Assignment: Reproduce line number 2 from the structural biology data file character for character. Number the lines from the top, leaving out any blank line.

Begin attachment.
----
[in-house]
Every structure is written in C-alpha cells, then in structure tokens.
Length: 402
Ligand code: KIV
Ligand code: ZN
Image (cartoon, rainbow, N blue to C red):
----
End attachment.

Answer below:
Every structure is written in C-alpha cells, then in structure tokens.